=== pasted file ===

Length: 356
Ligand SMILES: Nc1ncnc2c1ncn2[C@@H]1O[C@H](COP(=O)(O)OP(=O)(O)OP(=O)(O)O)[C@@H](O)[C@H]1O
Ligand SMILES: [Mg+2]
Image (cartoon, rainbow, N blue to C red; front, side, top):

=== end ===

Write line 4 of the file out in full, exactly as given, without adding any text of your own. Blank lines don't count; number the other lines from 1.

Image (cartoon, rainbow, N blue to C red; front, side, top):